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As Exciting As We Can Make It: Ikon in the 1980s
A survey of Ikon’s programme from the 1980s, As Exciting As We Can Make It, is a highlight of our 50th anniversary year. A comprehensive exhibition, including work by 29 artists, it features painting, sculpture, installation, film and photography actually shown at the gallery during this pivotal decade.
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Yinka Shonibare MBE
Ikon Icon 1990s
Yinka Shonibare’s exhibition at Ikon in 1999 was seminal. We now show Five Under Garments and Much More (1995), an early suspended installation that prefigures the artist’s mannequin works. Each piece mimics the structured corsetry of period noble dress but the dramatically enlarged proportions and exuberant textiles suggest a provocative de-robing of social and class constructions.
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A Very Special Place: Ikon in the 1990s
The fourth in a series of surveys of Ikon’s artistic programme, this exhibition is a review of the 1990s. It comprises work by 40 artists who featured in exhibitions at our venue in John Bright Street during 1990-1997, and at Ikon’s current premises in Brindleyplace until 1999.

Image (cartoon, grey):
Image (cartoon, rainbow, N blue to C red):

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Julian Opie
Ikon Icon 2000s
The installation of Julian Opie’s high-rise building sculptures on the first floor of Ikon Gallery in 2001 coincided with 9/11. The modernist aesthetic they embody and their smart neatness as models is now informed by memories of a day that dramatically changed the world. The ‘less is more’ efficiency they suggest, symbolic of a society that functions in an orderly way, can no longer be seen with innocence. A number of these architectural pieces now rise up in Ikon’s Tower Room.


Document Name
History of the building
274.0 kB
Ikon at 50
81.6 kB